...the first exhibit is far more meaningful than originally thought. The issues of Parkway Interpolation and the virtual building of Quondam within the museum annex design, all reinforce over half the issues covered in the exhibit. ...at Quondam... ...a continual manifestation of the virtual museum ideas, ...the continuation of the Parkway as virtual place.
Re: [looking glass] the old masters
I think he's at least partly right; I've been talking about the camera lucida for years--ever since I saw an exhibit of the astronomer Wm. Herschel's camera lucida drawings at the Ansel Adams. The Old Masters used technical aids when they could; the NYer article reprints that picture of Dürer carefully measuring. I've little doubt that if they had the camera lucida available at least some of them would have used it. And of course the example painting reprinted in the NYer(it's upstairs, I don't want to get it to cite it) does indeed look photographic.
So what part of Hockney's theory do you think is right is right, and what part do you think is not right?
What I like about the article is the strong implication that the manual dexterity of the 'old masters' is not exactly what art history tells us it is. In the case of Hockney's theory, we have CLAD and COAD--Camera Lucida Aided Drafting and Camera Obscura Aided Drafting respectively--which I see very much akin to CADD -- Computer Aided Drafting and Design. In either case, manual dexterity is aided by 'technology'.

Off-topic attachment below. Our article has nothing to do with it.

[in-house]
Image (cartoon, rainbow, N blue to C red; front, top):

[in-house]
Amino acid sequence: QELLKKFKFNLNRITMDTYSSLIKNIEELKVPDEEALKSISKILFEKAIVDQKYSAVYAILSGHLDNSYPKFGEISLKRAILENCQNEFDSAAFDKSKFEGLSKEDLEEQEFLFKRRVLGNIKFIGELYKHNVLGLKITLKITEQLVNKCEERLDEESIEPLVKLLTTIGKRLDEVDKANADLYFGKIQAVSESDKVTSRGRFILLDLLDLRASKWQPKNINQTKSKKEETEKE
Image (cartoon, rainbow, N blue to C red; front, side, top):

Having started using CAD well before most other architects (in 1983), the initial reaction of most of my colleagues was that I had now somehow abandoned architecture because I was now letting a computer do the drawing(and designing they assumed) for me. To me there was no doubt that my critical peerage was being purely prejudicial and biased because I knew that they knew nothing about what CAD was really about. What bothered me most, however, was that practically none of my colleagues wanted to learn more about CAD. I had to conclude that they were most afraid of facing their own ignorance, yet I also had to concede that I was perhaps the only one to see the hypocrisy that was going on. For myself, learning CAD in 1983 almost immediately made me a more creative person then I ever would have been without it.
The other thing I like about Hockney's theory and his presentation of it is that he bases his theory not just on testing the theory by using the camera lucida himself, but also on his own experience as a consummate artist. Where the camera lucida tests offer 'physical' evidence for his theory, I, like Hockney, actually feel that having the working knowledge of being an artist when theorizing how artists work provides the more sure evidence, even though it is not physical evidence.
Perhaps the real trick of the camera obscura is that it has managed to keep a lot of Western culture in the dark about how art really gets done.
Re: [looking glass] the old masters